Rinsho Shinkeigaku (Clinical Neurology)

The 49th Annual Meeting of the Japanese Society of Neurology

Anti-NMDAR encephalopathy: treatment

Shigeaki Suzuki, M.D., Ph.D., Morinobu Seki, M.D. and Norihiro Suzuki, M.D., Ph.D.

Department of Neurology, Keio University

Anti-NMDAR encephalopathy is included in paraneoplastic limbic encephalopathy and show the good response to treatment compared to other paraneoplastic syndromes. Treatment of anti-NMDAR encephalopathy includes immunotherapy and/or tumor removal. About 65% of patients with anti-NMDAR encephalopathy had fully or near-full recovery. Immunotherapy is principally necessary and effective in patients with and without tumor. Corticosteroids and intravenous immunoglobulin are most frequently used. It is likely that patients who do not respond to one form of immunotherapy might respond to others regimens including plasmapheresis, cyclophosphamide, and rituximab. A tumor was found in 58% of patients with anti-NMDAR encephalopathy. Early removal of tumor should be considered based on following reasons. First, patients with ovarian teratoma showed higher mortality and higher titer of anti-NMDAR antibody compared with those without. Second, relapsing neurological symptoms occurred in 13% of patients, usually related to a delay in tumor diagnosis. Third, when a tumor was found and removed, recovery was faster and predictable. However, early removal of tumor cannot be conducted because of unstable conditions such as hypoventilation and dyskinesias. In supportive cares, severe central hypoventilation requires mechanical ventilation. The involuntary movements and facial dyskinesias are refractory to anti-epileptic drugs. In conclusion, search for and removal of an ovarian teratoma should be promptly considered after the diagnosis of anti-NMDAR encephalopathy.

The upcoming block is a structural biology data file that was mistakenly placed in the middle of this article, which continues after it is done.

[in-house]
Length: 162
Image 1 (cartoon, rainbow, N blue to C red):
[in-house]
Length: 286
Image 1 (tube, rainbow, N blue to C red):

Full Text of this Article in Japanese PDF (231K)

(CLINICA NEUROL, 48: 923|925, 2008)
key words: ovarian teratoma, cell-surface antigen, immunotherapy, tumor removal

(Received: 16-May-08)